One of the most important features of Horreum is change detection - checking if the new results significantly differ from previous data. Horreum uses Change Detection Variables to extract and calculate Datapoints - for each dataset and each variable it creates one datapoint. Horreum compares recent datapoint(s) to older ones and if it spots a significant difference it emits a Change, and sends a notification to subscribed users or teams. User can later confirm that there was a change (restarting the history from this point for the purpose of change detection) or dismiss it.
We have created one variable
Throughput using the label
One chart can display series of datapoints for multiple variables: you can use Groups to plot the variables together. The dashboard will contain one chart for each group and for each variable without a group set.
If you scroll down to the ‘Conditions’ section you’ll find the criteria used to detect changes. By default there are two conditions: the first condition effectively compares last datapoint vs. mean of datapoints since last change, the second condition compares a mean of short sliding window to the mean of preceding datapoints, with more strict thresholds. You can change or remove these or add another criteria such as checking values vs. fixed thresholds.
The default conditions do not distinguish changes causing increase or decrease in given metric. Even if the effect is positive (e.g. decrease in latency or increase in throughput) users should know about this - the improvement could be triggered by a functional bug as well.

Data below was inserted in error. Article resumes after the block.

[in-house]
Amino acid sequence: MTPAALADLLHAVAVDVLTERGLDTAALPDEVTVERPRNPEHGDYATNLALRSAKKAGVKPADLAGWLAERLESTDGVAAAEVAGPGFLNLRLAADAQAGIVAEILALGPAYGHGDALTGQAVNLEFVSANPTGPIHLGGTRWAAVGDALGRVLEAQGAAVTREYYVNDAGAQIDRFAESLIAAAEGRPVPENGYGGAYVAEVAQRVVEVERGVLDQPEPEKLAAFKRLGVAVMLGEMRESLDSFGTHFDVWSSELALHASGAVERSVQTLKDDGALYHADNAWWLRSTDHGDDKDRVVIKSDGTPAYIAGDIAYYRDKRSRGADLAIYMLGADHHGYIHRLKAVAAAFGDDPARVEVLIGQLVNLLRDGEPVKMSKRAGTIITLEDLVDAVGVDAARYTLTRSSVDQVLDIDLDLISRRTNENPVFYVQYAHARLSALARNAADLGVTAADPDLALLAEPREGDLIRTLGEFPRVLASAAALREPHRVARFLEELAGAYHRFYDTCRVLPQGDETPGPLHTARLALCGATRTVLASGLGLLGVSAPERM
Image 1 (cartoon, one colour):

In the upper part of this screen you see a selection of Fingerprint labels and filter; in some cases you might use the same Test for runs with different configuration, have multiple configurations or test-cases within one run (and produce multiple Datasets out of one Run) or otherwise cause that the Datasets are not directly comparable, forming several independent series of datasets. To identify those series you should define one or more labels, e.g. label
arch being either
arm and label
cpus with the number of CPUs used in the test. Each combination of values will form an unique ‘fingerprint’ of the Dataset, had we used 3 values for
cpu there would be 6 possible combinations of those labels. When a new Dataset is added only those older Datasets with the same fingerprint will be used to check against. The filter can be used to limit what datasets are suitable for Change Detection at all - you could also add a label for debug vs. production builds and ignore debug builds.
When we hit the save button Horreum asks if it should recalculate datapoints from all existing runs as we have changed the regression variables definition. Let’s check the debug logs option and proceed with the recalculation.
When the recalculation finishes we can click on the ‘Show log’ button in upper right corner to see what was actually executed - this is convenient when you’re debugging a more complicated calculation function. If there’s something wrong with the labels you can click on the Dataset (1/1 in this case) and display label values and calculation log using the buttons above the JSON document.
If everything works as planned you can close the log and click the ‘Go to series’ button or use the ‘Changes’ link in navigation bar on the top and select the test in the dropbox. If the uploaded data has a timestamp older than 1 month you won’t see it by default; press the Find last datapoints button to scroll back. You will be presented with a chart with single dot with result data (we have created only one Run/Dataset so far so there’s only one datapoint).